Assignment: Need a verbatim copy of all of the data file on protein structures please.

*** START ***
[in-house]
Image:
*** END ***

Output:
[in-house]
Image: